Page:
The Bridge of San Luis Rey marked the beginning of a key stage in Thornton Wilder’s development and also revealed the essential dimensions of the artistic program he would follow. His first novel, The Cabala (1926), had viewed the decadent aristocracy of contemporary Rome through the eyes of a young American student. In the tradition of Henry James and Edith Wharton, the highly autobiographical work suffered by comparison and was not praised by the critics. The Bridge of San Luis Rey, however, which vividly evokes a forgotten era and a type of society utterly foreign to Wilder’s experience, sold three hundred thousand copies in its first year and made its author a celebrity. This success confirmed Wilder’s intention to make abundant use of historical materials, and he set his next novel, The Woman of Andros (1930), in postclassical Greece. The Bridge of San Luis Rey also served notice that a major philosophical and theological writer had entered the literary scene. The engaging simplicity of the book drew its readers toward problems no less recondite than those of the justice of God, the possibility of disinterested love, and the role of memory in human relationships. Wilder’s subsequent works consistently returned to these themes.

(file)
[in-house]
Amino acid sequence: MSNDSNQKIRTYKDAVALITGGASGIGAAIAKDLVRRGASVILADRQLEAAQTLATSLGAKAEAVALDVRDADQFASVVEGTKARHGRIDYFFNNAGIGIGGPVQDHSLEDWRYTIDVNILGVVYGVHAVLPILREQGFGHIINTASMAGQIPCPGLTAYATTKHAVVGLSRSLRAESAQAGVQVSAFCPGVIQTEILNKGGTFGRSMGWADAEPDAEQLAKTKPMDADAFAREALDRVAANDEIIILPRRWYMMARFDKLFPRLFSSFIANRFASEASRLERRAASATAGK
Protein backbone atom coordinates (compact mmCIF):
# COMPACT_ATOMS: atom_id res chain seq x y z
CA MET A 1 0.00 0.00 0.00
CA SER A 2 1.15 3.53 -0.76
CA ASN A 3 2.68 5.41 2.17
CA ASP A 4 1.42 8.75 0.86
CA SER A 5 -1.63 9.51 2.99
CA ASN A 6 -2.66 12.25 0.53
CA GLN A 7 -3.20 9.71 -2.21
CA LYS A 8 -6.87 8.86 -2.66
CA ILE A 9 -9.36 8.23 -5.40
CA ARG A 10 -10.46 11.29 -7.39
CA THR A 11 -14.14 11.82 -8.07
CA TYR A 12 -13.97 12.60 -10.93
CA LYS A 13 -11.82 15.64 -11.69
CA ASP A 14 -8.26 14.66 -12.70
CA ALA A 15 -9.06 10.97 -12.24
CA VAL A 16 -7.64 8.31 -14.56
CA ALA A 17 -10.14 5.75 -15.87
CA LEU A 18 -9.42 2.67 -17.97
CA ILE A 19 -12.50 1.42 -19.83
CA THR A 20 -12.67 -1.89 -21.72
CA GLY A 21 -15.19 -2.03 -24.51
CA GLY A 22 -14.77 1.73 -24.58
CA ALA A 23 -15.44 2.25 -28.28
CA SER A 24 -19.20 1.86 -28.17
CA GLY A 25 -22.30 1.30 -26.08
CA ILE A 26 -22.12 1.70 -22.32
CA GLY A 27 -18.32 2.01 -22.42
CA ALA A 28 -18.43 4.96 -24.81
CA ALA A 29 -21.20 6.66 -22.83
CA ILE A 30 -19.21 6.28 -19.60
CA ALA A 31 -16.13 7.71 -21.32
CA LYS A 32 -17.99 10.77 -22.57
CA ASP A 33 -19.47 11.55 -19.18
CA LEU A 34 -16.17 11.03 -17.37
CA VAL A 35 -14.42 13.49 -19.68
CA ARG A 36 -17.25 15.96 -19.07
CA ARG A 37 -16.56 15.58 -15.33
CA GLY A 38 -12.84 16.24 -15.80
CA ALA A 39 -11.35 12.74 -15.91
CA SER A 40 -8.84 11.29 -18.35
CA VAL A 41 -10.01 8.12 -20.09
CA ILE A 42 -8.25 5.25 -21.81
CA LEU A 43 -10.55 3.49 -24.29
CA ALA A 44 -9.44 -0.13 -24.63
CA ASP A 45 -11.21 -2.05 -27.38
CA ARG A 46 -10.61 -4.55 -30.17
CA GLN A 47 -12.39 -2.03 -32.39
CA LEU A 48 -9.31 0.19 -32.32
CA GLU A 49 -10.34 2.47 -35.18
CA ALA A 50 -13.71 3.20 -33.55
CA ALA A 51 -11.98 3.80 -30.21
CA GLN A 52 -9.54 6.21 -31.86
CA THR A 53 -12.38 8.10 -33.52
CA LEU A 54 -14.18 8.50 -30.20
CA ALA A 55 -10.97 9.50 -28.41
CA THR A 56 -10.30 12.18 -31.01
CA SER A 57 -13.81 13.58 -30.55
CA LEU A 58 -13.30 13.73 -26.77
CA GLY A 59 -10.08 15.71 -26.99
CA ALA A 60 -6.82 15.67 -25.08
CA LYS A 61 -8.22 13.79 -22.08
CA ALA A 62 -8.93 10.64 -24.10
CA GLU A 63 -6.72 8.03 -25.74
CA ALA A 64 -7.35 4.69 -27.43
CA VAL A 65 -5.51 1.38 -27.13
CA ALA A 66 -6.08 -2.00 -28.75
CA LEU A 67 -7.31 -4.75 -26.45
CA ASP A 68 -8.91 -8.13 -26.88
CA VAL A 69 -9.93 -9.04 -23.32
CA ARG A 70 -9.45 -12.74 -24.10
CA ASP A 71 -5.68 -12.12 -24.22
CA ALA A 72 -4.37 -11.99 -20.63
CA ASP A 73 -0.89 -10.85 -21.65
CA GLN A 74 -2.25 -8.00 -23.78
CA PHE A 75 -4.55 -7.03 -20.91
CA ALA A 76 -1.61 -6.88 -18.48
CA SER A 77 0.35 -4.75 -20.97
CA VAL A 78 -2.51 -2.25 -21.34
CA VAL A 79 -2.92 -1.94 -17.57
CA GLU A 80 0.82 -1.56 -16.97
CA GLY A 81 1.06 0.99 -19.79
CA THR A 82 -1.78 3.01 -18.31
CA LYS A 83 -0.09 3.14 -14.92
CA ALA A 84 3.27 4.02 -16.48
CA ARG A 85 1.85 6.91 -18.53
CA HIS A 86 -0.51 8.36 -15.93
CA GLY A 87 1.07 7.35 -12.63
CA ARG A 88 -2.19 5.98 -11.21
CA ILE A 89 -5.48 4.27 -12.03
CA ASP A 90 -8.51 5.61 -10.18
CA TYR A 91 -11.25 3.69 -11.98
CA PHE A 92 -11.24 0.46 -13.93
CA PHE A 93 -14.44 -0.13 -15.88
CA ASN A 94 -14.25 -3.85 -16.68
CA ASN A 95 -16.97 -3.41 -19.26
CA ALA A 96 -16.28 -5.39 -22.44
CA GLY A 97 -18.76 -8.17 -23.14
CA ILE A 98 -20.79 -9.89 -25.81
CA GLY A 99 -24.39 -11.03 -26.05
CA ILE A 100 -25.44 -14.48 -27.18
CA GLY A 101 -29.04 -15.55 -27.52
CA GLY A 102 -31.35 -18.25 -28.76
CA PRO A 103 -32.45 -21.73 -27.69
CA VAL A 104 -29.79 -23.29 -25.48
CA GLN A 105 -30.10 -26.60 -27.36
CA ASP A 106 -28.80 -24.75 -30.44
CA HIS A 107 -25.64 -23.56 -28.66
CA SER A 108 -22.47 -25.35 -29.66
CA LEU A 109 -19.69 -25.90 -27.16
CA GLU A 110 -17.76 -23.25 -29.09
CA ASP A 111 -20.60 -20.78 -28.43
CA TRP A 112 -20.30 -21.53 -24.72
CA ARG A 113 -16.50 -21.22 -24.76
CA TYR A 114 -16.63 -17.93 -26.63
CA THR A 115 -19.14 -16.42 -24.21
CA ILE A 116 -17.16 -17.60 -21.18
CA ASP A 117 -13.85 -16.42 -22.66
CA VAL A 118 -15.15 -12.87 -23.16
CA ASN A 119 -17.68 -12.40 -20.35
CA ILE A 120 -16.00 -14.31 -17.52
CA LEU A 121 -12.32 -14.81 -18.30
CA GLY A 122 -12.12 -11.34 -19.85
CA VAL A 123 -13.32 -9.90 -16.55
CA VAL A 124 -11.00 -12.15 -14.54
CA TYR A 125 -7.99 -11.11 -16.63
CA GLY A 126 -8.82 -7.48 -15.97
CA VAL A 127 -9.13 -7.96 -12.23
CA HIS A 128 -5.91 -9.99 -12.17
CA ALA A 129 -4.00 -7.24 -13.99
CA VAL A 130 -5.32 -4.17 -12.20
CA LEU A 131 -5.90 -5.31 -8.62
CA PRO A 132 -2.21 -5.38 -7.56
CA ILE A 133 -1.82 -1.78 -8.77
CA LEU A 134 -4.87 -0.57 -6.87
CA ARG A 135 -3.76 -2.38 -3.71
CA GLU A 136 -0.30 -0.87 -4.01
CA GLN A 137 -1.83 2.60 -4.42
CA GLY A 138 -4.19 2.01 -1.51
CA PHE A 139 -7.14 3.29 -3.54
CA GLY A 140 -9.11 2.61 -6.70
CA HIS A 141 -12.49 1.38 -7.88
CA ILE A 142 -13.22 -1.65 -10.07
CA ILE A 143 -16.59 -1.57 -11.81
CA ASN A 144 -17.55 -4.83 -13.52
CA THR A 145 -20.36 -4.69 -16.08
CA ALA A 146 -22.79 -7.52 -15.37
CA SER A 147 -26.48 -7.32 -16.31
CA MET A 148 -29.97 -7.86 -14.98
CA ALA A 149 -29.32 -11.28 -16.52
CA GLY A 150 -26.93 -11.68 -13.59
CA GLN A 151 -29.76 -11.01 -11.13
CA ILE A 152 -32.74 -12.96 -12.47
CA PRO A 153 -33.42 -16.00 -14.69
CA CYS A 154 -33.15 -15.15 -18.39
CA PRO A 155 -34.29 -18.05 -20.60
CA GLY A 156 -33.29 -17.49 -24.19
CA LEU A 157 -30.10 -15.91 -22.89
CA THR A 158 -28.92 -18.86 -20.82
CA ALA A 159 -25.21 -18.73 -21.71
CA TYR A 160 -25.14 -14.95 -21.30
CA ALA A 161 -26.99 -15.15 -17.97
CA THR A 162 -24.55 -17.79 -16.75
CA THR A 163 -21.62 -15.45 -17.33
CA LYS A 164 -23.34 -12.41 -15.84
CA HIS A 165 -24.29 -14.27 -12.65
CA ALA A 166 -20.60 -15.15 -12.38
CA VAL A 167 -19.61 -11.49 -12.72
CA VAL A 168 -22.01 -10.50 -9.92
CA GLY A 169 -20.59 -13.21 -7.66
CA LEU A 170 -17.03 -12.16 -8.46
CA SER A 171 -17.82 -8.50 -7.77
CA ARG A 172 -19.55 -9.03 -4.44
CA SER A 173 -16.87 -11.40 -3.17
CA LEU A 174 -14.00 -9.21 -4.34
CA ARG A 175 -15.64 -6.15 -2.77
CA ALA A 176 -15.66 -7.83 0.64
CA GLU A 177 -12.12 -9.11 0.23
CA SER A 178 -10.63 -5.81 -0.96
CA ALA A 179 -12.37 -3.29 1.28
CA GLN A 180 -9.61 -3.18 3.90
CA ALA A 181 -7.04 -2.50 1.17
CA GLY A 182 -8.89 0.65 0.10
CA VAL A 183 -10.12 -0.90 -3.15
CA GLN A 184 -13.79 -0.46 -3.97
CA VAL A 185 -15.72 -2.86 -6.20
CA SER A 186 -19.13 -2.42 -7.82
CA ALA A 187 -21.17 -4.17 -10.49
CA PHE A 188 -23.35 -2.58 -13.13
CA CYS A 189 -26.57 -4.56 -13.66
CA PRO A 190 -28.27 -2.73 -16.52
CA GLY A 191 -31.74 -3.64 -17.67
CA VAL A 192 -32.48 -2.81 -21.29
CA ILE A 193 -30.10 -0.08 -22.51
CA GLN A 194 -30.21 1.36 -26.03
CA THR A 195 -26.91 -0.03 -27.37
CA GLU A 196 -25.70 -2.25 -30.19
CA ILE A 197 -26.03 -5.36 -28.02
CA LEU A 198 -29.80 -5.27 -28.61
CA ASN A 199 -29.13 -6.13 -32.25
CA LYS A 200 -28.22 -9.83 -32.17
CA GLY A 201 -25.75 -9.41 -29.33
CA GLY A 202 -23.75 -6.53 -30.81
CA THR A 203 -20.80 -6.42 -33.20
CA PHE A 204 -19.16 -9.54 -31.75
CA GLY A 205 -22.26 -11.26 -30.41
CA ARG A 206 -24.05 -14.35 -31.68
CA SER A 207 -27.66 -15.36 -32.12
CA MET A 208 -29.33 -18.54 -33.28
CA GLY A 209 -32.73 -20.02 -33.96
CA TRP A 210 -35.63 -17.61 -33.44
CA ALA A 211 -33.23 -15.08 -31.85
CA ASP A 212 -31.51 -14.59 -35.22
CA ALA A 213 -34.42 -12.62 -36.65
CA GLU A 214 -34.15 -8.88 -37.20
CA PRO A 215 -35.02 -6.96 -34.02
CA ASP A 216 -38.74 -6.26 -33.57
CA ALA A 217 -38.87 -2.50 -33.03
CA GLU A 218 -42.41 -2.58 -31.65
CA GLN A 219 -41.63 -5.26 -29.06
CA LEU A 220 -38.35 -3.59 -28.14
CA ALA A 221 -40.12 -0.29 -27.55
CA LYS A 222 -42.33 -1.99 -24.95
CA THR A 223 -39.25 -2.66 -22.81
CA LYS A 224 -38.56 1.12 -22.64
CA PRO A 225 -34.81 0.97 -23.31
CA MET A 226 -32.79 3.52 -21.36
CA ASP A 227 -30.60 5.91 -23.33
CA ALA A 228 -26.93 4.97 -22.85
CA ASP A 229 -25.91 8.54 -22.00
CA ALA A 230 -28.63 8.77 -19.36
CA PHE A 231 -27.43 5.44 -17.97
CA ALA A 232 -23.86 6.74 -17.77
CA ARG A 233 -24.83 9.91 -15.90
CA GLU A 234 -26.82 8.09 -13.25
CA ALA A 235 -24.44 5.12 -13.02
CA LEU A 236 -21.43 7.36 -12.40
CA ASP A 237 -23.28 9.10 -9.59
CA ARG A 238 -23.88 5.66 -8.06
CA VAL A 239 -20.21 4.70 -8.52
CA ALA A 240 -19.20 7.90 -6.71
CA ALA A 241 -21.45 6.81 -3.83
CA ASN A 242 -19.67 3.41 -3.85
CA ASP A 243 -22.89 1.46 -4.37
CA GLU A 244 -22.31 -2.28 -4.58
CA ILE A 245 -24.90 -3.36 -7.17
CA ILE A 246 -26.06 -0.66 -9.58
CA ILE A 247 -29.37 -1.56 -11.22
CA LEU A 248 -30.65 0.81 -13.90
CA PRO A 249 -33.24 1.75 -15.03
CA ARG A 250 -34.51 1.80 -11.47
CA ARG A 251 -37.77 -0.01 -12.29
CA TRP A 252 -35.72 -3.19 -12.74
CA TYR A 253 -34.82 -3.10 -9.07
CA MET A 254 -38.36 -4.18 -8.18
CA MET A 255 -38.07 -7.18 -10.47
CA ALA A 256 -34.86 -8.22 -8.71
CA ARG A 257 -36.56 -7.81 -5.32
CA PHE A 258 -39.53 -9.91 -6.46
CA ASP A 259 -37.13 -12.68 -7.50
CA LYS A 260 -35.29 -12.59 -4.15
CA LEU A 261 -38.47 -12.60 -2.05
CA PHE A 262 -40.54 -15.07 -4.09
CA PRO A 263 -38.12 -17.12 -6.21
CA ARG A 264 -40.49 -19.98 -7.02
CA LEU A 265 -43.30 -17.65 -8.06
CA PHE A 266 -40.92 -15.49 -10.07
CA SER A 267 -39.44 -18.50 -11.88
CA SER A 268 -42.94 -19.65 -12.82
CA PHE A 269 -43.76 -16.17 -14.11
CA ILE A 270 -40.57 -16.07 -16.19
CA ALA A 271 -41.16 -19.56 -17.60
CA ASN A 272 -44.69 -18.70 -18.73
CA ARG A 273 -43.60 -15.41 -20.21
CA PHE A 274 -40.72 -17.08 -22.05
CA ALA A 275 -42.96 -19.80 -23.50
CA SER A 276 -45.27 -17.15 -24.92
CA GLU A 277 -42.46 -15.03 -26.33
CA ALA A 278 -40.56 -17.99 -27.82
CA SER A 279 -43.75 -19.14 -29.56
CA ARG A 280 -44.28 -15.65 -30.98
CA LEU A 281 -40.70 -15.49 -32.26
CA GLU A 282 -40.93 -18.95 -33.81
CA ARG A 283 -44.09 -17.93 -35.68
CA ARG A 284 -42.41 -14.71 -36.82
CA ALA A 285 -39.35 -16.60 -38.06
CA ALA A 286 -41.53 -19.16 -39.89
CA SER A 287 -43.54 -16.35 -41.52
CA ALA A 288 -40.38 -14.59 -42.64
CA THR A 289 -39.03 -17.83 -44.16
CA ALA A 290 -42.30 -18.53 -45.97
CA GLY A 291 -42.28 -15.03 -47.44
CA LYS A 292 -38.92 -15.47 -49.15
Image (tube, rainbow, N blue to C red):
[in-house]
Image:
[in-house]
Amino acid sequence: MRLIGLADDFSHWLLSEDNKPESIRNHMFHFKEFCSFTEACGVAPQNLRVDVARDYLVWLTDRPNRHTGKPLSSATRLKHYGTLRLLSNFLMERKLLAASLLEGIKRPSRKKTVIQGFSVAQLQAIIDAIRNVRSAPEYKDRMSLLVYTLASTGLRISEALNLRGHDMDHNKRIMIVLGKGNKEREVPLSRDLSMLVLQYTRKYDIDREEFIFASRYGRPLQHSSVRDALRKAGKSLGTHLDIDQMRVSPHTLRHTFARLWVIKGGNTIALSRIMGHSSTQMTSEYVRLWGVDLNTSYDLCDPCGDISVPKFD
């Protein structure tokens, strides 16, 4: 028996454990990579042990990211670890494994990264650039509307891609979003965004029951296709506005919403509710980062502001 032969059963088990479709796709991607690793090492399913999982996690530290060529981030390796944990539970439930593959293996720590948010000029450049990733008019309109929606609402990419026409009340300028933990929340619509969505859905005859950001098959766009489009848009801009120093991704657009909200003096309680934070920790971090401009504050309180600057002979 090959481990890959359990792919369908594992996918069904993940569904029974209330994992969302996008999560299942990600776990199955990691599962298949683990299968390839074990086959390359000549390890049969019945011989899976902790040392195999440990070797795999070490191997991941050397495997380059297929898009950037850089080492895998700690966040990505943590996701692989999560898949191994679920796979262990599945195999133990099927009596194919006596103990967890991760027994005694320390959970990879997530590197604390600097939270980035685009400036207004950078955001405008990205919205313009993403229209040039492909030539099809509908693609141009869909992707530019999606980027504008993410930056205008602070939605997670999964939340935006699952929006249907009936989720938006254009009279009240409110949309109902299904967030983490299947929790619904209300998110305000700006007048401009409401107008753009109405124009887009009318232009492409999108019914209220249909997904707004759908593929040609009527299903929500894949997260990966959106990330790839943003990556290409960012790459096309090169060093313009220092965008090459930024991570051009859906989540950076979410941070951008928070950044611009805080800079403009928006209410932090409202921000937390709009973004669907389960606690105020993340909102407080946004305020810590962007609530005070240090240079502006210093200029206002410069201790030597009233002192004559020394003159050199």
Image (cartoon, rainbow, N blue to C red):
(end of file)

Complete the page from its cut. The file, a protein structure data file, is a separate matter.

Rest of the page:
The Christianity that inspires and informs The Bridge of San Luis Rey is existential and pessimistic. “Only one reader in a thousand notices that I have asserted a denial of the survival of identity after death,” Wilder once remarked of the book. He also denied the value of the apologetic task that Brother Juniper undertakes. Even if human reason could scientifically demonstrate God’s Providence—a proposition Wilder rejects—humanity would inevitably employ this knowledge in a self-aggrandizing manner. The inherent mystery of the divine intention is a check to human pride, and pride is Wilder’s overriding concern, especially that pride which cloaks itself in the guise of unselfish love. If there is Providence, Wilder suggests, it most clearly operates as something that exposes the egoistic taint in all love and reveals to the lover his need to be forgiven both by the one he loves and by the social community.
Despite the ostensible importance of Brother Juniper, Uncle Pio, and Esteban, only Wilder’s female characters develop sufficiently to gain awareness of the meaning of the novel’s action. The Marquesa undergoes the clearest transformation. The maternal love that she cultivates so assiduously is neither spontaneous nor generous. Rather, the...
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